More Reactions to Trump’s Election

In a variety of outlets, professors consider the implications of a Trump victory.

By Anjali Dhillon

Several University professors and organizations have responded to Tuesday’s presidential election of Donald Trump.

In a Financial Times article, Douglas Skinner, dean of the Booth School of Business, is reported to be unsettled by the prospect of immigration control, but he is “cautiously optimistic” about Trump’s presidency. Skinner suggested that in the unlikely chance that job opportunities decrease and the economy suffers, the domestic demand for M.B.A.s will increase. 

Law School professor Eric Posner published an op-ed in The New York Times, in which he discussed the “immense but not unlimited power” that Trump will hold with the Republican House and Senate majorities. However, Posner also identified a few barriers the Trump administration will face, such as possible filibusters in the Senate, Obama-appointed judges in federal courts, federal bureaucracy, and the media.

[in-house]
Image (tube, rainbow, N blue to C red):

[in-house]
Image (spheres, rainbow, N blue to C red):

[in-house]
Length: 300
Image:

Geoffrey R. Stone, a Levi Distinguished Service Professor at the Law School, discussed the election and the future of constitutional law in a Huffington Post article. Stone wrote that he is not looking forward to a conservative Supreme Court if any of the older justices vacate their seats.

Beyond University professors, the American Association of University Professors (AAUP) and the AAUP Collective Bargaining Congress labor union responded to the election in a public statement published on Wednesday. The statement noted Trump’s unpopularity among college and university faculty members and criticized his divisive rhetoric that jeopardizes the safe exchange of ideas. 

The statement reads, “Many no doubt fear that his election threatens some of the core institutions of our democracy and may be the greatest threat to academic freedom since the McCarthy period.”

AAUP pledged its efforts to oppose privatization of public higher education, discrimination and silencing in the educational environment, attacks on labor unions and faculty economic security, and the infringement of academic freedom.

In addition, some professors have granted students assignment extensions and postponement of midterms in the week following Trump’s election, as seen on an Overheard at UChicago thread on Facebook.